Rickettsia PCR test for dogs and cats
dog and cat assay data sheet
B0056 - Ultrasensitive screen for
by real time polymerase chain reaction. This assay detects but
does not differentiate most common
including the organisms that cause Rocky Mountain spotted fever,
typhus, and most other common rickettsial diseases.
B0056 is included
on P0025 - tickborne disease panel
and on P0039 canine anemia panel
are small, gram-negative, aerobic, coccobacillus bacteria. They are
obligate intracellular organisms. The genus belongs to the family
Rickettsiaceae of the order Rickettsiales and consists of many species
associated with human disease. Pathogenic
Rickettsiae can be divided
into three major groups based on clinical characteristics of disease:
spotted fever group, typhus group and scrub typhus group.
Spotted fever group
The type species of this group
is Rickettsia rickettsii
which causes Rocky Mountain spotted fever (RMSF).
Rickettsia rickettsii is
found in the Americas and is transmitted to humans through the bite of
infected ticks. The bacterium infects human vascular endothelial
cells, producing an inflammatory response.
Other members of this group can also be pathogenic, such as
R. conorii (Mediterranean spotted fever),
R. mongolotimonae (Lymphangitis-associated rickettsiosis) and
R. slovaca (boutonneuse
fever and similar illnesses), R.
akari (rickettsial pox), R.
japonica (Japanese spotted fever),
R. sibirica (North Asian
tick typhus), R. africae
(African tick bite fever), R.
R. australis (Queensland tick typhus) and
R. honei (Flinders Island
Rickettsia prowazekii is a
well-known member of this group and causes epidemic or louse-borne
typhus. It infects human vascular endothelial cells, producing
widespread vasculitis. In contrast to RMSF, louse-borne typhus tends
to occur in the winter. Infection is usually transmitted from person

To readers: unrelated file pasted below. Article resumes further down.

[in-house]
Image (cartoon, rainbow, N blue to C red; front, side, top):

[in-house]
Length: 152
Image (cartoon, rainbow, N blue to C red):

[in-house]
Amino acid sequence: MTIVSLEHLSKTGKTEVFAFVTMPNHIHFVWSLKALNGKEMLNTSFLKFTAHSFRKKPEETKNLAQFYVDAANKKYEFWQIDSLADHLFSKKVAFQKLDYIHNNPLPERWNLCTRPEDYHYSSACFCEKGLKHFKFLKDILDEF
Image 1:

to person by the body louse and therefore tends to manifest under
conditions of crowding and poor hygiene. The southern flying squirrel
is the animal reservoir in the United States, but what vector is
involved in transmission from the flying squirrel to humans is
unknown. The disease has a worldwide distribution.
Other Rickettsiae in the
typhus group include R. typhi
and R. felis. Murine
typhus is caused by transmission of
R. typhi from rats, cats and
opossums to humans via a flea vector. Murine typhus is found worldwide
and is endemic in areas including Texas and southern California.
R. felis has also been
detected in cat fleas and opossums.
Scrub Typhus Group
tsutsugamushi is a well-known member of this group and causes
scrub typhus. This organism was originally called
and was subsequently given its own genus designation because it is
phylogenetically distinct from the other
Rickettsiae. It is transmitted to humans by the bite of trombiculid
mites (chiggers), which are the vector and host. Scrub typhus occurs
throughout much of Asia and Australia.
Current diagnosis of Rickettsia
infection may be via blood smear microscopy, serological detection or
Polymerase Chain Reaction. However, blood smear microscopy is
insensitive and serological detection may be of limited value since
some people infected with the bacteria may not seroconvert. Also,
current commercially available kits only target a few species of
detection by PCR is therefore a more useful tool for rapid and
sensitive diagnosis of acute infection by most common
Help confirm the disease causing agent
Shorten the time required to confirm a clinical
diagnosis of Rickettsia
Help ensure that animal facilities and populations are free of
Early prevention of the spread of
Rickettsia in animal
Minimize human exposure to
Safety monitoring of biological products and vaccines
that derive from susceptible animals
Unsworth, N., Graves, S., Nguyen, C.,
Kemp, G., Graham, J. and Stenos, J.
(2008) Markers of exposure to spotted fever rickettsiae in
patients with chronic illness, including fatigue, in two Australian
populations. QJM 101: 269-274.
requirement: 0.2 ml whole blood in EDTA (purple top) or ACD (yellow top) tube, or 0.2 ml plasma or serum, or
0.2 ml synovial fluid, or 0.2 ml cerebrospinal fluid, or 0.2 ml
tissue, or tick.
Contact Zoologix if advice is needed to determine an appropriate specimen type for a specific diagnostic application. For specimen types not listed here, please contact Zoologix to confirm specimen acceptability and shipping instructions.
For all specimen
types, if there will be a delay in shipping, or during very warm
weather, refrigerate specimens until shipped and ship with a cold pack
unless more stringent shipping requirements are specified. Frozen
specimens should be shipped so as to remain frozen in transit. See
shipping instructions for more
2 business days
Qualitative real time